Shtembuliak ends Praggnanandhaa's unbeaten streak

by Sagar Shah
10/19/2019 – Praggnanandhaa had an unbeaten streak of quite some games having won the under-18 gold at World Youth and playing some inspired chess in the first four rounds of the World Juniors. However, this came to an end at the hands of Ukrainian GM Evgeny Shtembuliak. Pragg sacrificed yet another exchange in the game, but it was not enough. Shtembuliak is now the sole leader with 4½/5, with three players following him on 4.0/5. In the girls section Mobina Alinasab (pictured, left) joined the leader Boldbaatar Altantuya at the top. Something from Iran to cheer amidst their player Aryan Gholami withdrawing from the event and Amin Tabatabaei facing Or Bronstein. In this report IM SAGAR SHAH brings you detailed analysis, photos and videos from New Delhi. | Photo: Niklesh Jain

The Art of the Positional Exchange Sacrifice The Art of the Positional Exchange Sacrifice

The positional exchange sacrifice is one of the most powerful and fascinating strategic weapons in chess. On this DVD Sergey Tiviakov explains why the positional exchange sacrifice is such a strong weapon and how to use it.

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Shtembuliak refutes Pragg's exchange sacrifice

Praggnanandhaa has been sacrificing exchanges at the World Junior, and quite successfully as well. In round five he tried it once again. But this time without success. His opponent Evgeny Shtembuliak made a lot of moves which were all about ensuring that his opponent doesn't get activity and he succeeded to outwit the young Indian talent.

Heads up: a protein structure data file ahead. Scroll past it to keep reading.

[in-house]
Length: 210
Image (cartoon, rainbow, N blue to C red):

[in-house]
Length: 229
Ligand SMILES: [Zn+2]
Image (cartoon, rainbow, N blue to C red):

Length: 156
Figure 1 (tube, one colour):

The top board clash | Photo: Angela FJ

 

Shtembuliak played his knight to d4. Pragg now took the pawn on e5 with his knight, allowing a knight fork on e6, but after 15.e6 d6 16.xf8 xf8, Black has decent compensation.

 

A move that really surprised me was 21.h4. Why did Shtembuliak play a move like h4 when he had simpler ideas like 21.♗xc5 ♝xc5 and 22.♗d3 in hand. What is the reason to push the pawn and create light-squared weaknesses? Well, I have not been able to understand concretely why Evgeny did this, but the general idea could be to stop his opponent's pawn from coming to h4 and clamping his kingside pawns. Whatever was the logic behind this move, it worked really well in the game!

 

Praggnanandhaa made the not so useful move ♛g6-f5. The queen on f5 doesn't really do much to improve Black's position. Instead, the critical line, that should have been looked at is 21...c6 22.♗xc5 ♝xc5 22.♗d3 ♝xd3 23.♕xd3 ♛xd3 24.♖xd3 ♜e8:

 

What is the evaluation of this position? In my opinion, Black should be able to hold this endgame. He has no real weaknesses and his rook is all set to enter the position with ♜e2. This was Pragg's best chance to hold the game, but we can understand why the youngster didn't go for this — he has no chances to play for a win.

 

The way the things panned out in the game, Black was just lost as his d5 pawn was very weak and Shtembuliak showed great technique to win his game.

 

One thing that has been quite impressive about Evgeny Shtembuliak is his level-headed approach to the game. Often there is nothing flashy about his play, but he is consistent with his plans and approach, and he's extremely good at playing common sense chess! His conversion of winning positions is also quite good and this has helped him to take the sole lead in the event with 4½/5.